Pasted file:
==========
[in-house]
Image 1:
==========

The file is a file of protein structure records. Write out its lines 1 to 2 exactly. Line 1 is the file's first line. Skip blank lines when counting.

[in-house]
Image 1: